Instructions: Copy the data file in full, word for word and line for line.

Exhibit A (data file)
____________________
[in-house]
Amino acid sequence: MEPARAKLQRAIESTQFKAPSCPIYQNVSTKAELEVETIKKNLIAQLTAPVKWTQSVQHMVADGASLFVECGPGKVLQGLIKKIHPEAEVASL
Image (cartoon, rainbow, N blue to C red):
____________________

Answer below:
[in-house]
Amino acid sequence: MEPARAKLQRAIESTQFKAPSCPIYQNVSTKAELEVETIKKNLIAQLTAPVKWTQSVQHMVADGASLFVECGPGKVLQGLIKKIHPEAEVASL
Image (cartoon, rainbow, N blue to C red):